WHITEMAN AIR FORCE BASE — A grandson and namesake of the man who piloted the B-29 that dropped the atomic bomb on Hiroshima, Japan, during World War II took over leadership Friday of the United States’ aging fleet of nuclear-capable B-2 stealth bombers.
During a historical ceremony Friday, Brig. Gen. Paul W. Tibbets IV took command of the 509th Bomb Wing at Whiteman Air Force Base.
Tibbets’ grandfather, Brig. Gen. Paul W. Tibbets Jr., was the pilot of the “Enola Gay,” the B-29 Superfortress known for dropping the “Little Boy” atomic bomb Aug. 6, 1945, on Hiroshima, Japan.
At the time, the then-colonel was assigned to the 509th Composite Group, a predecessor unit to the 509th Bomb Wing.
Now, his grandson is in command of the world’s only fleet of B-2 Spirits and the 5,500 Airmen who make the stealth bomber mission possible.
The outgoing commander, Brig. Gen. Glen VanHerck, is headed to be the Air Force Global Strike Command director of operations at Barksdale Air Force Base, Louisiana.
During his final farewell, VanHerck focused his speech on thanking those in attendance: the chaplain for the invocation, his family for their support and finally, the men and women of the 509th for their hard work during his tenure.
“Stay razor sharp and ready to go,” said VanHerck in the final farewell to his Airmen. “It’s a matter of when, not if, you will be called upon again. Keep leading and own it every day.”
Tibbets is coming from an assignment as the deputy director for nuclear operations, Global Operations Directorate, U.S. Strategic Command at Offutt Air Force Base, Nebraska. He has been stationed at Whiteman twice before in multiple roles including a B-2 pilot, deputy chief of wing standardization and evaluation, director of operations, and commander of the 393rd Bomb Squadron.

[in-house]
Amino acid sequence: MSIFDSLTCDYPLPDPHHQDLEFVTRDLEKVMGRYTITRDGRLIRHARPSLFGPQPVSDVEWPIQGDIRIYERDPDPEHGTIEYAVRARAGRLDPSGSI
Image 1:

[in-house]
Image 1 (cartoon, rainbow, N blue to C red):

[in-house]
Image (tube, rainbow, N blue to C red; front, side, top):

Like VanHerck, Tibbets’ speech focused largely on thanking people: the Lord for making all things possible, the state and federal officials for their attendance and finally, the men and women of Whiteman.
“Thank you for the time, energy, passion and devotion you have dedicated to welcoming my family to Whiteman for the third time,” said Tibbets, who in past interviews has credited his father with helping inspire him to join the Air Force.
Tibbets said he hopes for three things from the base’s airmen: that they take care of themselves, that they take care of their families and to be excellent in their duties.
“If my grandfather was here today, he would tell all of you how proud he is of the great things you do for our nation,” he added. “Each one of you is a source of power for the mission — you make it happen each and every day. I will serve with passion, humility, courage and respect every day, and I ask the same of you.”